Government Aims to Standardize Sharing of Threat Information

The Federal Government has recently launched an “online collaboration” entitled “Project Interoperability” which they hope will “develop and standardize formats for sharing security and threat information” between specific organizations, communities and groups “inside and outside of government“, according to a recent article published by Information Week.

This project was recently started by “a partnership between the defense and intelligence communities” called the “Information Sharing Environment (ISE)” to develop tools, processes and confront “the need to make intelligence useable by many parties to counter increasingly sophisticated threats to national and cyber-security“, according to the Information Week report. The article notes that the terrorist attacks of September 11, 2001 heightened the importance for “better information sharing” and collaboration between organizations.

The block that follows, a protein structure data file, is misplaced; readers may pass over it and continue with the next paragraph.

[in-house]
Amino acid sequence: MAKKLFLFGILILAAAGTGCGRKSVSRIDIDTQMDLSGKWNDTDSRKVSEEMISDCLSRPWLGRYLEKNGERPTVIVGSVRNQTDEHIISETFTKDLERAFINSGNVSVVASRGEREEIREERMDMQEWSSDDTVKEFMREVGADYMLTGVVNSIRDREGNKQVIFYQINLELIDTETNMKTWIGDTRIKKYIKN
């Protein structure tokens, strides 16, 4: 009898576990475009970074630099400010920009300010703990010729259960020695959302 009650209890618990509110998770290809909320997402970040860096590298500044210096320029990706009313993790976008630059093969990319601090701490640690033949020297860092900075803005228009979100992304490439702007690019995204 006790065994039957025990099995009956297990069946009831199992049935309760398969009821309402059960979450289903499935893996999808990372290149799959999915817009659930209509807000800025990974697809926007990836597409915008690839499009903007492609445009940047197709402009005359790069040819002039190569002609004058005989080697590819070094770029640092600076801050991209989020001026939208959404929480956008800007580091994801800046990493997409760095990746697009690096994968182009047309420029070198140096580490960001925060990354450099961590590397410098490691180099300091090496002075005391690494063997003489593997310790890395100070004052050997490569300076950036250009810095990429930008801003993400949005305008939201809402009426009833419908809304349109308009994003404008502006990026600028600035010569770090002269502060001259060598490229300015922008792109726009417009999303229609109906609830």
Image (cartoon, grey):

The federal government is forced to review these facts and step up “the need for automated collaboration against attacks” due to “increased dependence on the Internet and the recent emergence and convergence of cloud and mobile computing”, according to the article. The government can do this by creating a process where, as the report states, “systems and data” can be made “accessible anytime from anywhere.” A statement published on the Project Interoperability was quoted in the article to say, “Information interoperability is the ability to transfer and use information in a consistent, efficient way across multiple organizations and IT systems. From a technical perspective, interoperability is developed through the consistent application of design principles and design standards.

Read much more about this project in the full article and how the federal government hope this will increase preparedness, overall security and communicative strength between multiple organizations and help address critical situations more effectively.

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